THE VOICE -- Season: 8 -- Pictured: Paul Pfau -- (Photo by: Paul Drinkwater/NBC)

Shepherd graduate is a knockout and continues to next round on The Voice

Sitting in his parents’ basement surrounded by his family and friends, Paul Pfau, 26, a Shepherd University graduate, watched his long-awaited audition air, Monday, March 9, on NBC’s hit TV show, The Voice.

“I have 90 seconds to make my wildest music dreams come true,” Pfau said in the prelude to his performance of “Fly Me to the Moon,” by Frank Sinatra.

As Pfau waited off stage for his chance to perform, he recounts the calming silence.

“Right before I went on, I peeked through the crack in the door and believe it or not, it calmed me down.  I just remember how quiet it was when I walked on stage,” Pfau said.

Just after an audience change and as Pfau took his mark on stage, the audience cheered.

Pfau said he was just doing what he loves and wasn’t nervous.

Pfau described the night in a telephone interview Tuesday from his parent’s house in Myersville, Md. A Los Angeles publicist arranged the interview.

“I remember everything that happened,” Pfau said about his performance.  “I saw Blake turn and now I have a superstar staring at (me)…Pharrell turned around, I was happy, not a play on words.”

During Pfau’s performance, Adam Levine attempted several times to turn his chair, but was not able to because his team was full.

“Man you are really good,” Christina Aguilera said, after Pfau’s performance.

“I pushed the button because I heard a flawless performance,” Pharrell Williams said.

Pfau said he stood on stage for approximately 10 minutes attempting to make a decision between Shelton and Williams before ultimately choosing Williams.

Pfau is a 2010 graduate of Shepherd with a bachelor’s degree in economics and a minor in psychology.

“Shepherd is where I grew up.  It is the first time I was out on my own…I made a lot of mistakes,” Pfau said. “Shepherd has a very supportive environment, especially for artists, whether it is theater or visual arts, I have seen some of the most off-the-wall music (at Shepherd).”

That is the beauty of Shepherdstown, a town where people are not afraid to take chances, mixing stuff together that would never normally work and that is an important thing for a creative environment, according to Pfau.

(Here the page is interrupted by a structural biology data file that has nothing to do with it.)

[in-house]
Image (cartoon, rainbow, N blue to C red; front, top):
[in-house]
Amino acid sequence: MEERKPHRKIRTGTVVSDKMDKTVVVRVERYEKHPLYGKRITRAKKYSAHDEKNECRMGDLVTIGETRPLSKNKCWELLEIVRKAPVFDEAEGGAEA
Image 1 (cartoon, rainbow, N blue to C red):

Two Shepherd University professors stand out to Pfau.

“I had some of the best teachers I could have hoped for,” Pfau said.

“Dr. Shultz, he is the coolest dude and knew how to relate to kids…I thought he was awesome,” Pfau said.  He was referring to Dr. John A. Shultz, an economics and finance professor.

“Dr. Merz is another professor that stands out…he was a no bullshit kind of guy,” said Pfau.  “I have had conversations with these two in and out of class.”

“That voice…how could I forget Paul. He is going to do it,” Dr. Joseph Merz, associate professor of psychology, said. “Paul is more than talented. He was amazing in and outside the classroom. Just a fine young man.”

Merz describes Pfau as incredibly talented and is going to do great things.

“We are going to see this kid in concert,” Merz said.

Music talent and self-teaching runs in the family; Pfau, a self-taught guitarist said he got his musical talent from his grandma, a self-taught pianist.

“My grandmother totally taught herself, which is the path I took myself,” Pfau said.  “She watched the Price is Right like it was her job, during the commercials she would play along with whatever music was on the commercial.”

Growing up Pfau’s grandmother had a record player and always had music playing in the background, according to Pfau.

“I never really liked it, but it burned a hole into my brain and when I started learning music, it all came together,” Pfau said.

Pfau first performance incorporating playing the guitar and singing was during a senior showcase at his high school.

“I went to the senior showcase in front of three hundred people and totally choked…forgot the words,” Pfau said.

Pfau said even with the incident, people still came up to him after the show and complimented him on his work.

In the beginning Pfau said the genre he sang and performed was blues.

“Putting labels on it limits it, when you call it something before you hear it, you already judged it,” Pfau said.

“Working with Pharrell…he has this thing about being other, incorporating folk, pop, country, and creating something that is genreless,” Pfau said.

Pfau had a setback in 2014 when he was diagnosed with a nodule on his vocal cords.

“It took me out of the loop for about six months.  I had to cancel everything.  I moved back in with my parents and scaled back a lot,” Pfau said.

Pfau’s plans for touring and promoting his new record had to be canceled.  While Pfau was off, he said he did rehab with a speech pathologist and played guitar with other bands to keep his skills sharp.

“Never stop practicing, never stop taking on new things and continue working on your craft.  I had to fight through my vocal cord nodules, through the hundreds of shows that I lost money or no (audience members) showed up to,” Pfau said.

Pfau was raised in Myersville, Md., a small town in western Frederick County and was a 2006 graduate of Middletown High School.

“Stay true to yourself as a musician.  I want to represent myself.  I stuck to my guns and kept doing things that defined me as a person and an artist,” Pfau said. “Pharrell would always say this is about you, stay true to yourself as an artist.”

Pfau made it through the blind auditions and will continue with Team Pharrell. Winning the Battle round Tuesday night, Pfau will continue to the Knockouts, according to Lisa Bustamante, publicist for Pfau.   If he wins his Knockout round, he will go onto Live Shows, which start in April.

The winner receives $100,000 and a “record deal” with Universal Music Group for winning the competition, Bustamante said in an email.


Leave a Reply

Your email address will not be published.